Charles William Cameron was born in Sialkot, Punjab, India, (Pakistan since 1947), in 1872. His father, William Cameron, was a warrant officer in the British Army, but details of his mother are unknown. It is not known if he had any siblings. Although no details of his mother are known, it is known that in 1912, she lived at 25. Colmer Road, Streatham, Surrey.
Nothing is known about his early life, and when he came to England, but he became an accomplished musician. He readily found work as a musician on ocean going liners, and worked regularly on trans-Atlantic liners operated by the Cunard Steam Ship Co. Ltd..
On the 24th October 1912, Charles married Mabel Kate Whitmore at St. Peter’s Church, Liverpool. The best man at his wedding was another member of the band on the
Lusitania – Edward Carr-Jones. The couple began their married live at 162, Liverpool Road, Birkdale, Lancashire.
For many years prior to 1915, Charles was the Bandmaster in charge of the Orchestra on board the
Lusitania. This consisted of five musicians, and the others were, Bandsman E. Carr-Jones, Bandsman G. Drakefold, Bandsman J. W. Hawkins and Bandsman J.W. Hemingway.
Charles Cameron was engaged by Cunard for what became the Lusitania’s
final voyage and left Liverpool on board ship on 17th April 1915. Having reached New York safely on 24th April, the liner began her return journey on the early afternoon of 1st May 1915 after a delayed start. This had been scheduled for 10.00 a.m. but the liner had to embark passengers, crew and cargo from the Anchor Liner Cameronia, which had been requisitioned by the British Admiralty for war service at the end of April. The
Lusitania finally left port just after mid-day and just six days later, on the afternoon of 7th May, she was torpedoed and sunk by the German submarine
U-20. At that point, she was twelve miles off the coast of southern Ireland and only 250 miles hours away from her Liverpool destination.
From the orchestra, only Drakeford, Hawkins and Hemingway survived the sinking, Charles Cameron and his good friend, Edward Carr-Jones being killed. Bandmaster Cameron's body was subsequently recovered from the sea, and having been landed at Queenstown, it was given the reference number 105 in one of the temporary mortuaries set up there and described as: -
Male, 43 years, Cameron - Bandmaster, dark hair turning grey, 5’ 9”, very stout, large clean shaven face and head, brass buttons on vest.
Then, on 10th May 1915, his remains were buried in the Old Church Cemetery, Queenstown, in a private grave, Row 18, No. 5. It was on this day that most of the victims of the sinking were buried following a long funeral procession which began at the Cunard Office at Lynch’s Quay in on the water front. Charles Cameron’s wife left Liverpool on Sunday 9th May and arrived in the town in just enough time to attend his funeral.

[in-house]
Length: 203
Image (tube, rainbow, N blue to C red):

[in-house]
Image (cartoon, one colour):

His remains still lie there today, although the grave has been re-designated Row 18, Grave 580. There is no sign of there ever having been a headstone on it.
Although he was employed by The Cunard Steam Ship Company as Bandmaster in charge of the orchestra on board the
Lusitania, he was not registered as a seaman with the Board of Trade so was not officially part of the ship’s crew. As a result, although killed in the same manner as any other crew member, he was still actually classed as a civilian and as such, he is not commemorated in any way, by the Commonwealth War Graves Commission unlike the crew members, nor was he awarded any medals for his service.
However, in the first list of survivors and dead, from the ship, published by Cunard in March 1916, he was listed, with the other members of the orchestra, as a member of the crew. This was rectified in company records, in February 1917, when he was instead accorded second cabin passenger status.
Property belonging to Bandmaster Cameron was forwarded to his widow on 13th October 1915 at 'The Mount', Glencrutchery Road, Douglas Isle of Man. It is likely that she was staying there to help her get over her loss. The property included a penknife, an American one cent coin and a pair of nail clippers.
Register of Births, Marriages and Deaths, Liverpool England, Church of England Marriages and Banns 1754 – 1952, 1911 Census of England & Wales, New York Passenger Lists 1820 – 1957, Commonwealth War Graves Commission, Cunard Records, Lancashire Daily Post, Liverpool Echo, Yorkshire Post, 14/07/1915, UniLiv.D92/1/8-10, Deaths at Sea 1871 – 1968, Graham Maddocks, Tom McDonough, Geoff Whitfield, Michael Poirier, Jim Kalafus, Cliff Barry, Paul Latimer, Norman Gray.
Copyright © Peter Kelly.